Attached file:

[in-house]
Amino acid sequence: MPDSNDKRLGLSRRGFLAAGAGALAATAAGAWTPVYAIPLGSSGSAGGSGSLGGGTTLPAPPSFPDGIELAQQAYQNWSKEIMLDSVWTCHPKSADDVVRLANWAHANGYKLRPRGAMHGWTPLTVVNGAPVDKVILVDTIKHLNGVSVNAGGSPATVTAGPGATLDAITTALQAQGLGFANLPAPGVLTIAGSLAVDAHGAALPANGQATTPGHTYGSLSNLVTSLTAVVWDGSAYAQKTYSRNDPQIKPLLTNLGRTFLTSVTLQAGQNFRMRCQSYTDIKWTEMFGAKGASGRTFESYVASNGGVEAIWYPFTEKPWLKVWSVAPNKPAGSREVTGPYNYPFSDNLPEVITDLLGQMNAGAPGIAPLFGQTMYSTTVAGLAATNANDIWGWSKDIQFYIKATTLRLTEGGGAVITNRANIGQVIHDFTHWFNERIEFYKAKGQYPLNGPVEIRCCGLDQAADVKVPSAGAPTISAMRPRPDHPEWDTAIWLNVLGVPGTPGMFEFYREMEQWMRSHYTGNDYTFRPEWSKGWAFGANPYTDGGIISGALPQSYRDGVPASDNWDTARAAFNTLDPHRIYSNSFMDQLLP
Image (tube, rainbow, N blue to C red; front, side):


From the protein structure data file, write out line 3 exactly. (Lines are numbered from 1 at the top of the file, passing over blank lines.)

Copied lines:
Image (tube, rainbow, N blue to C red; front, side):